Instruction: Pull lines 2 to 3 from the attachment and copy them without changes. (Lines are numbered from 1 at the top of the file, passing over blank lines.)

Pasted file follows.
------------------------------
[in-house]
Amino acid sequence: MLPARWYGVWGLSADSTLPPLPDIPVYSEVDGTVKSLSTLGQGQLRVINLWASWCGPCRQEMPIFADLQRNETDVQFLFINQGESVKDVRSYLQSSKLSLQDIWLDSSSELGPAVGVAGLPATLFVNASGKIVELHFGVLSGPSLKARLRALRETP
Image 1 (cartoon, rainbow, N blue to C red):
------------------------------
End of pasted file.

Amino acid sequence: MLPARWYGVWGLSADSTLPPLPDIPVYSEVDGTVKSLSTLGQGQLRVINLWASWCGPCRQEMPIFADLQRNETDVQFLFINQGESVKDVRSYLQSSKLSLQDIWLDSSSELGPAVGVAGLPATLFVNASGKIVELHFGVLSGPSLKARLRALRETP
Image 1 (cartoon, rainbow, N blue to C red):